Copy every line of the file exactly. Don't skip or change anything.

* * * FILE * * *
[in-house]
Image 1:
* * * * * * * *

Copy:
[in-house]
Image 1: